By: USCIRF Commissioner James W. Carr and Congressman French Hill –
In July 2018, Abdo Adel, a Christian resident of the village of Minbal in Egypt’s Minya governorate—described by his friends as a “simple man” who loved baking qurban (sacramental bread) for the local Coptic Orthodox church—posted on Facebook a vague comparison of Jesus Christ and the Prophet Muhammad. Word of this comparison spread among Minbal’s Muslim residents, who filed a complaint with local police that Abdo had insulted Islam. Religious zealots in the community whipped up a mob that attacked Coptic properties, forcing Abdo and his family to flee and a local priest to issue a desperate apology for the social media post in hopes of quelling the violence.
After regional security forces restored order, a “customary reconciliation council” absolved the mob participants of responsibility for their bigoted rampage, while Abdo was arrested and then convicted in December 2018 for “contempt of religion.” He remains in a New Valley prison, separated from his family by hundreds of miles. Prison officials have refused his release—scheduled to occur more than a year ago—due to security forces’ claim that his return to Minbal would lead to more violence.
Abdo Adel’s story epitomizes the ongoing challenges that Coptic Christians continue to face in Egypt. He is a victim of Egypt’s blasphemy law, Article 98(f) of the Penal Code, which broadly criminalizes “insulting heavenly religions” but is used almost exclusively against those whom the authorities perceive as showing anything less than complete deference to the officially sanctioned interpretation of Sunni Islam. He and his community are also victims of sectarian violence—one of many anti-Christian mob attacks that have occurred in Minya and elsewhere in Upper Egypt—as well as of a willful failure on the part of Egypt’s system of justice to punish or deter such violence.
Finally, Abdo is also the victim of an opaque and dehumanizing prison system, along with hundreds of prisoners caught up in Egypt’s crackdown on human rights and religious freedom advocates. They include Ramy Kamel, a Coptic activist and researcher who has languished in pre-trial detention for ludicrous terrorism charges since November 2019, and Patrick George Zaki, a graduate student and researcher for the Egyptian Initiative for Personal Rights who has been held in similar pre-trial conditions since February of last year.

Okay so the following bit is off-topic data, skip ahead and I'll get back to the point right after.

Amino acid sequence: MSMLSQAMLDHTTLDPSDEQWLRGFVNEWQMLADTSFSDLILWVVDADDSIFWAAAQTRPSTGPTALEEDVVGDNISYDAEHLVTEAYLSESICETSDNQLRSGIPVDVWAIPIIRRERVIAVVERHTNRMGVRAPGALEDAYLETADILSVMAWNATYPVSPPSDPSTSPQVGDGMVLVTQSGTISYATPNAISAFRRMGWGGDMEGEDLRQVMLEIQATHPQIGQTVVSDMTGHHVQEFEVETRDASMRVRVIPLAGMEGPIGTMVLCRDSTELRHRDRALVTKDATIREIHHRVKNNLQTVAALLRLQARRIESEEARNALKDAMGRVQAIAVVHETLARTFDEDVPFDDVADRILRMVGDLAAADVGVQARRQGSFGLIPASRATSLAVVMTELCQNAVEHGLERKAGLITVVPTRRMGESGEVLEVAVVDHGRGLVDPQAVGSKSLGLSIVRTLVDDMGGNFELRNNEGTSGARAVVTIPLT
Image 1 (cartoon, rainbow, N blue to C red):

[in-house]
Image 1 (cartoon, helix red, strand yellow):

These issues make Egypt especially confounding, as this key U.S. ally in the Middle East has in recent years made symbolic overtures as well as some practical strides toward improving religious freedom conditions. Coptic Christians can now apply to register their previously informal churches; the Grand Imam of al-Azhar, Egypt’s most senior Muslim authority, has delegitimized legal concepts once used to relegate non-Muslims to second-class status; and the Ministry of Education is slowly introducing greater religious inclusivity, tolerance, and citizenship to public school curriculum. Of course, we welcome these steps, but these measures are overshadowed by ongoing discrimination against Copts, broader human rights concerns, and a sense of resignation among Christians that “this is the best we’re ever going to get.”
These circumstances are not the best that the people of Egypt should have to expect. We call on the Biden administration, particularly in light of its foreign policy emphasis on human rights under Secretary of State Antony Blinken, to make it clear to our Egyptian counterparts that they must take decisive actions to match the country’s positive shift in religious freedom discourse.
These steps should include launching judicial and security reforms that end the culture of impunity for sectarian mob violence; more quickly processing church registration approvals under the 2016 Church Building Law while revisiting efforts to create a unified law to equally apply to all Muslim and non-Muslim houses of worship; and releasing all prisoners caught up in blasphemy-related prosecutions or targeted for peaceful human rights activism. We also encourage members of Congress from both parties to raise the religious freedom considerations laid out in H. Res. 117 – “Supporting Coptic Christians in Egypt,” which highlights the Copts’ persistent religious freedom challenges and calls on the Egyptian government to more directly address them.
This legislation has been introduced once more in the 117th Congress. Previously, this bill had the support of various advocacy groups and broad bipartisan support from the House Foreign Affairs Committee, who has jurisdiction over proposals of this type. The U.S. Commission on International Religious Freedom understands that the United States should lead the way in protecting those of faith and should urge other nations to take this stance as well.
Indeed, any country that seeks to project strength, stability, and confidence cannot tolerate or perpetuate such longstanding problems. Egypt must instead embrace true, systematic reforms that directly confronts these issues—especially in rural parts of the country where change may incur risk and cost but whose people are crying out for change. Such measures may yet restore Abdo Adel’s life interrupted and, if fully embraced and implemented, they may yet make cases of injustice like his a fading memory.
French Hill is a Member of the U.S. House of Representatives from Arkansas, and James W. Carr is a Commissioner with the U.S. Commission on International Religious Freedom and former Harding University professor who resides in Searcy, Arkansas.